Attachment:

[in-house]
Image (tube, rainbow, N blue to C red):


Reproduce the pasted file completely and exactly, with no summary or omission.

[in-house]
Image (tube, rainbow, N blue to C red):